Turn on your tablet, pour yourself a cup of coffee, and say hello to the psychologist in our living room.
“I think it’s about time that psychologists started using digital tools to bring expert help to people who live far away from the big cities,” says Patrick Vogel.
Vogel is a psychology professor at NTNU, and has in the past treated patients who are severely afflicted with a type of anxiety, obsessive-compulsive disorder (OCD), by way of video conferencing and mobile phone conversations.
Now Vogel wants to take the next step, by using the iPad as a way to cure anxiety.
Expert help at home
For people who live far from Norway’s bigger cities or towns, the journey to get help can be an exhausting marathon: You have to get up at the crack of dawn, scrape the snow and ice from your car, and clear your driveway. Then you have to drive two hours, after which you have to take an hour-long flight to get to the closest place where a psychologist can see you – for 45 minutes. After that, it’s the bus back to the airport, then an hour on the plane. Then it’s into the car again, except that it has been
newly covered by ice and snow that you have to scrape off. And finally, after the two-hour drive, there’s the driveway full of snow again, which has to be cleared before your journey is truly over.
During the journey there is also the obsession that you will die from AIDS because so many people with germ-ridden hands have touched the door handles at the airport. Your heart pounds, you’re covered in sweat, your whole body is tense. That’s not to mention the 16 journeys you made to the WC to scrub your hands under boiling hot water.
Turn on your tablet, pour yourself a cup of coffee and say hello to the psychologist in your living room.
“I have had many phone calls from people who live out in the country and who despair that they will never get any help. People get sicker while they are on the waiting list, and we have to recognize that not everyone lives next door to the expert help they need to get better. The approach we use today for people who cannot travel for help is to call them on the telephone. But our human ability to feel empathy and compassion is a thousand times better via video,” says Vogel.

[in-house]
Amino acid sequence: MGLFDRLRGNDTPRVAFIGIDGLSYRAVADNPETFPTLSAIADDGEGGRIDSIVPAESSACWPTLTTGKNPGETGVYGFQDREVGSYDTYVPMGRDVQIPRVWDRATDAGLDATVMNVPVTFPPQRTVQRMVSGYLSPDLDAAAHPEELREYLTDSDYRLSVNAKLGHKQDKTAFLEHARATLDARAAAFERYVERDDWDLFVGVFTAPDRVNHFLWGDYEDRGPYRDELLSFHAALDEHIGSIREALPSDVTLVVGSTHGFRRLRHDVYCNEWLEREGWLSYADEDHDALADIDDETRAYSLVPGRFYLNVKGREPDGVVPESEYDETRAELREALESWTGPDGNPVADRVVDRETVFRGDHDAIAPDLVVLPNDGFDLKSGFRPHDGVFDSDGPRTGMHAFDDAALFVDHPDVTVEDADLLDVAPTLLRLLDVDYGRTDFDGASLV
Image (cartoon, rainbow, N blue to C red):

Healthy after 14 years of anxiety
Vogel has already conducted a pilot study, during which he wanted to see if patients with anxiety disorders and compulsive behaviour had equally good overall prognoses from treatment via video and mobile phone as they had in a therapist’s office.
Six patients from the waiting list at Aker Hospital were offered six meetings via video conferencing, and nine mobile conversations. The videoconferences were conducted at the hospital. This was the first time that psychiatric patients in Norway have been offered this kind of therapy, called exposure with response prevention (ERP), and which is only undertaken using videoconferences and mobile phone sessions.
After treatment, four of the patients had recovered, and the gains were maintained at a follow-up three months later. Most of the patients had been suffering from OCD for many years and had been unsuccessfully treated by other forms of psychotherapy.
Will use Facetime
These sensationally good results have recently been published in the renowned academic publication, Journal of Anxiety Disorders.
The treatment results from the pilot study are in line with the best in the world from regular face-to-face therapy, says Vogel. He will therefore expand the study to include 30 patients, and hopes to use an iPad as part of the treatment. What is special about the iPad is that it has a built-in program called Facetime, a kind of Skype that allows the psychologist to see the patient on his iPad, while at the same time the patient sees the psychologist. But there are strict rules for carrying out therapy over the Internet.
“The Norwegian Centre for Telemedicine has helped us to see how safety issues can be solved technically. The regional ethical committee for research has recently approved the use of iPads in the project and we have begun to use them in treatment with the first patients,” says Vogel.
Show me what’s “dangerous”
Vogel uses exposure therapy to cure anxiety.
“If the patient has a fear of getting sick from germs, he or she must expose himself or herself to germs and see that everything is OK, even if his or her hands are dirty. The patient has to learn that the thoughts themselves are not dangerous, and whatever it is that he or she is afraid of does not happen. All of the exposure takes place gradually. When a patient with a fear of germs is able to use a public toilet without excessively washing his or her hands, that patient is considered cured,” said Vogel.
In addition to enabling a therapist to be able to help more people, there’s a further benefit to offering therapy using the iPad, he says.
“A patient can walk around in his or her familiar surroundings, and show me what he or she is afraid of. And I can help, right then and there,” Vogel says.
Anne Sliper Midling